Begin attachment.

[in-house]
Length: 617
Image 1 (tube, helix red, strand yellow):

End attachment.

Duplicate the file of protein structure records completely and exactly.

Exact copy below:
[in-house]
Length: 617
Image 1 (tube, helix red, strand yellow):